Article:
I have been privy, however, to a few of those of others and it hasn’t been pretty. One couple I know has been struggling with issues but open and honest in communications between them. I’ve watched them grow from afar and it’s been a pleasure to see things working out for them.
Another couple I know haven’t done so well. In fact, they have split up and are divorcing. It’s sad. But, I’m not completely sure poly is the only reason. I think it was what brought problems they had been hiding to the front and communication wasn’t thorough with them and it couldn’t overcome what had been going on for years it seems.
I think it’s a natural course in most instances for one person to love more than the other person (whether monogamous or polyamorous). Or at least it easier for one person to show and express that love more easily. One seems to always give a bit more than the other (sometimes quite more than a bit). One is usually more secure than the other.
Polyamory requires some sense of self worth. It requires not having the mentality of win-lose situation. It requires the ability to see a win-win situation. It means not seeing other relationships your loved one may have as competition. It isn’t always easy. I don’t deny that.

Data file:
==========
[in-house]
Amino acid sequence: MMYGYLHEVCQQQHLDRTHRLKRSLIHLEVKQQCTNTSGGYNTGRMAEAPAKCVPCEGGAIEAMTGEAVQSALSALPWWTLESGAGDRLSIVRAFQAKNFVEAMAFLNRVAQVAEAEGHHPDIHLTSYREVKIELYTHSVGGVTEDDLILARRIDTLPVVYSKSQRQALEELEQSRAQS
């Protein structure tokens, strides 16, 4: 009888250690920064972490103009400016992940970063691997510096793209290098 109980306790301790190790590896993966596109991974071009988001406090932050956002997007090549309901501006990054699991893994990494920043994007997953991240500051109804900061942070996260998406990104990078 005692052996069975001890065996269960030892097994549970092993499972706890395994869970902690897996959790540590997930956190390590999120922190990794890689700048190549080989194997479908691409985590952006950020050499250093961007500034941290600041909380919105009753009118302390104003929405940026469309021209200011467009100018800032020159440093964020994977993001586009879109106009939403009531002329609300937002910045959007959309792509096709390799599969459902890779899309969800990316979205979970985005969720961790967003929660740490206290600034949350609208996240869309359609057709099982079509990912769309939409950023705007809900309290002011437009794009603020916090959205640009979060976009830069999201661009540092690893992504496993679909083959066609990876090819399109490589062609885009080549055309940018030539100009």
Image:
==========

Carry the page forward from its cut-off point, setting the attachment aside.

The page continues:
It can’t be a case of double standards being held. Of one being ok with outside relationships only if it’s them participating in them and not being ok with the other doing the same. It can’t be blaming your partner for something you said was ok, something you did yourself.
Yes, I know that being ok with something in theory is different than being ok with it in practice. But, if you discover that to be the truth, you can’t blame your partner for this. You can renegotiate things. Agree that poly isn’t on the plate for either of you any more. Or not. It may end up being a deal breaker. However, you really don’t have the right to lay the blame at the feet of your partner for you not being ok with something you assured him/her that you were fine with. If you realize that you are not fine with what you stated, there is nothing wrong with explaining this to your partner and dealing with it from there. You have to own that you have a part in the pain or issues you are experiencing. That you can’t do blame if your partner was told this was ok.
It’s one thing to find you have problems with something you thought you wouldn’t have. It’s another to have the relationships yourself, know your partner is working through somethings regarding that, and not be willing to do the same when the shoe is on the other foot. Double standards really rub me the wrong way. Maybe they bother me so much because I’ve lived through them. Dirk will be the first to tell you that he had them. And in a bad way. I believe Arwen has them about some things.
In all relationships in your life you need to treat each other with the respect and dignity that we are all due. Most specifically from those we trust with our feelings. With those we love and who profess to love us.